Do you support the building of an Islamic community center at Ground Zero? I wouldn’t be surprised to hear this question or a similar one asked during a 2012 presidential debate.
The effort to build a mosque near Ground Zero has recently become something of a national issue thanks to a Tweet by Sarah Palin. Of course, Palin is far from being alone, which prompted defenders of the proposal. Among the best of these is Robert Wright’s A Mosque Maligned. Wright takes on several critics of the community center and makes them look, well un-American. He accomplishes this in two easy steps (or at least he makes them look easy). The first is simply to examine their reasoning, which turns out to be little more than guilt by association — and very loose association at that. This, Wright reminds us, is in the same style as the infamous witch hunts of Joseph McCarthy. Wright’s second move is to base his support for the mosque on our war with Al Qaeda.
“Bin Laden would love to be able to say that in America you can build a church or synagogue anywhere you want, but not a mosque. That fits perfectly with his recruiting pitch — that America has declared war on Islam. And bin Laden would thrill to the claim that a mosque near ground zero dishonors the victims of 9/11, because the unspoken premise is that the attacks really were, as he claims, a valid expression of Islam” (emphasis added).
This is the war of ideas: Bin Laden’s intolerance vs. the U.S’s freedom of religion. Al Qaeda targets adherents of other religions, we respect the rights of all adherents. An open and shut case. I really like it. It reminds us of the first principles of our social contract that binds us together in this huge dysfunctional family we call the United States.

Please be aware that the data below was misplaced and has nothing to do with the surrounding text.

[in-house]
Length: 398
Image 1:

I like it and yet I can’t help but notice that the positive basis of Wright’s argument is war. What motivates this simple act of fairness? War. This seems terribly ironic when one considers that the debate (at least on the surface) is about the location of a community center that has the stated purpose of promoting tolerance and reconciliation. Aren’t reconciliation and compassion the reasons that many people of faith would give in support of the mosque? Wouldn’t most Americans agree that we should do unto others as we would have them do unto us? One might argue that Wright comes close to this with his appeal to the First Amendment and its standard of equal respect.
Still, why not begin with an appeal to reconciliation? The community center is intended to be a symbol of our refusal to be alienated from one another by terror, hate, and fear. Why then, allow ourselves to be divided by our deepest and most sacred beliefs? Indeed, wherever we Americans find meaning and purpose, don’t many of us believe in the path of reconciliation and peace? What could be more American?
Perhaps Wright assumed that if he began with an appeal to reconciliation, he’d be written off as dangerously naive. I suspect that many of my fellow Christians would oppose Wright’s position but also that they would be even more resistant to it if he had grounded it on reconciliation. Wright, ironically, offers a more humane position based on war than that of many Christians, whose entire lives are supposedly based on peace.
Similarly, some on the Left would likely judge my question (What could be more American?) to be hopelessly naive. America, they insist, is an Empire dedicated to perpetual war. My question, however, is intended less as a descriptive statement than an aspirational one. If it sounds naive, consider a President who governed a nation at war with itself and still managed to speak of “charity for all.” If it continues to sounds naive, consider an African-American minister who after being stabbed, beaten, and wrongly jailed, still spoke of black children and white children living in peace together. If it still sounds naive, consider the imam and his vision of a welcoming community center around the corner from a place where madness consumed the hopes of thousands. What could be more American?
DAVID TRUE is associate professor of religion at Wilson College, Chambersburg, Pa.